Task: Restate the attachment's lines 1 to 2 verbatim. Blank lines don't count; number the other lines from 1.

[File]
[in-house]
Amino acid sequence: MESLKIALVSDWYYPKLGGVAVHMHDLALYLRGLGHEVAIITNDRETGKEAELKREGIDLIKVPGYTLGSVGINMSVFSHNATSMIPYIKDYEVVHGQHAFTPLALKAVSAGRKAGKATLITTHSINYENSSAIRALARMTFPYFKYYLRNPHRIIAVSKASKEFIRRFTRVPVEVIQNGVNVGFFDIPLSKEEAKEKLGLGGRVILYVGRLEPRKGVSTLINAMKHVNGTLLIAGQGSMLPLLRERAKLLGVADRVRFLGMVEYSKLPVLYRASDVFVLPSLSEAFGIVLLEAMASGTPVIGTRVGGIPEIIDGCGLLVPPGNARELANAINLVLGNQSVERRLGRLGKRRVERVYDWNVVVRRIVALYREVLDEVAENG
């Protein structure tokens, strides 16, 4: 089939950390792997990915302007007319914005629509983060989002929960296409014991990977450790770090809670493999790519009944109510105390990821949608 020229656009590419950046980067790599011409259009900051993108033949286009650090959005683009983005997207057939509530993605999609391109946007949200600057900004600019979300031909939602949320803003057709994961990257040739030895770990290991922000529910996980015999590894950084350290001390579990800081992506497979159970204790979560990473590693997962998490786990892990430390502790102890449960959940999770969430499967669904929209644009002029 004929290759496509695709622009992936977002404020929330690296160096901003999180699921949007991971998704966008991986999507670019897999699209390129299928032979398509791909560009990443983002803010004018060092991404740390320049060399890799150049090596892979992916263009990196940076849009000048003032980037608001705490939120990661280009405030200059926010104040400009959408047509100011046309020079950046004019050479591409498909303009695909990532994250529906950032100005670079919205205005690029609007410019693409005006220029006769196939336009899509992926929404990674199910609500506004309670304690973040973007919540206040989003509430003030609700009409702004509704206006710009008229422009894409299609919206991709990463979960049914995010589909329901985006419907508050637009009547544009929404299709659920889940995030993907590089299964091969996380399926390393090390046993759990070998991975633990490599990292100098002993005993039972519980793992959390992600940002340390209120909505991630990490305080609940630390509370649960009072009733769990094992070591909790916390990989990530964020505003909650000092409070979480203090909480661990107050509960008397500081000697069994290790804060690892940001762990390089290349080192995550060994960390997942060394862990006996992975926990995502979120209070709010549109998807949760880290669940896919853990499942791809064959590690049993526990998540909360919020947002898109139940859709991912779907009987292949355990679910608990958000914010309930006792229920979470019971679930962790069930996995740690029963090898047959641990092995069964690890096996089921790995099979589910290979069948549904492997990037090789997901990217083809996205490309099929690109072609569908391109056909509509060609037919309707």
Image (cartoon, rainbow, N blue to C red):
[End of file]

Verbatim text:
[in-house]
Amino acid sequence: MESLKIALVSDWYYPKLGGVAVHMHDLALYLRGLGHEVAIITNDRETGKEAELKREGIDLIKVPGYTLGSVGINMSVFSHNATSMIPYIKDYEVVHGQHAFTPLALKAVSAGRKAGKATLITTHSINYENSSAIRALARMTFPYFKYYLRNPHRIIAVSKASKEFIRRFTRVPVEVIQNGVNVGFFDIPLSKEEAKEKLGLGGRVILYVGRLEPRKGVSTLINAMKHVNGTLLIAGQGSMLPLLRERAKLLGVADRVRFLGMVEYSKLPVLYRASDVFVLPSLSEAFGIVLLEAMASGTPVIGTRVGGIPEIIDGCGLLVPPGNARELANAINLVLGNQSVERRLGRLGKRRVERVYDWNVVVRRIVALYREVLDEVAENG